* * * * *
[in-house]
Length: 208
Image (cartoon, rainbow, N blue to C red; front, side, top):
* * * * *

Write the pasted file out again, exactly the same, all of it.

[in-house]
Length: 208
Image (cartoon, rainbow, N blue to C red; front, side, top):